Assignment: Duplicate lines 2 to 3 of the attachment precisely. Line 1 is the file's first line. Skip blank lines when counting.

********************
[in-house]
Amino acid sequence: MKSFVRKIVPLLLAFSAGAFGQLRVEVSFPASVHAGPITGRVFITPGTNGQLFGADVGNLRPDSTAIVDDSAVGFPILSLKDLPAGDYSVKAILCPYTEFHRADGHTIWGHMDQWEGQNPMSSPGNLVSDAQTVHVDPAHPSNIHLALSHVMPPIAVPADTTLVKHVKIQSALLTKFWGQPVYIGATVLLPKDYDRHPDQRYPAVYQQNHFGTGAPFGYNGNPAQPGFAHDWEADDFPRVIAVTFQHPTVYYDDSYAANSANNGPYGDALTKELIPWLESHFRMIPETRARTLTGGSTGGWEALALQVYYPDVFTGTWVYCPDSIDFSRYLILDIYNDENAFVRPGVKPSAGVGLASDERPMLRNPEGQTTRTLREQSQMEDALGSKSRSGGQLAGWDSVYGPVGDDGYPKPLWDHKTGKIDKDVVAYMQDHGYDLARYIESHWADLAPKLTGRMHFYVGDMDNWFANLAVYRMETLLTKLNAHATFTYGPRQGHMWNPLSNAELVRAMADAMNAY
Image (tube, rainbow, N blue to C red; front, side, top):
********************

Amino acid sequence: MKSFVRKIVPLLLAFSAGAFGQLRVEVSFPASVHAGPITGRVFITPGTNGQLFGADVGNLRPDSTAIVDDSAVGFPILSLKDLPAGDYSVKAILCPYTEFHRADGHTIWGHMDQWEGQNPMSSPGNLVSDAQTVHVDPAHPSNIHLALSHVMPPIAVPADTTLVKHVKIQSALLTKFWGQPVYIGATVLLPKDYDRHPDQRYPAVYQQNHFGTGAPFGYNGNPAQPGFAHDWEADDFPRVIAVTFQHPTVYYDDSYAANSANNGPYGDALTKELIPWLESHFRMIPETRARTLTGGSTGGWEALALQVYYPDVFTGTWVYCPDSIDFSRYLILDIYNDENAFVRPGVKPSAGVGLASDERPMLRNPEGQTTRTLREQSQMEDALGSKSRSGGQLAGWDSVYGPVGDDGYPKPLWDHKTGKIDKDVVAYMQDHGYDLARYIESHWADLAPKLTGRMHFYVGDMDNWFANLAVYRMETLLTKLNAHATFTYGPRQGHMWNPLSNAELVRAMADAMNAY
Image (tube, rainbow, N blue to C red; front, side, top):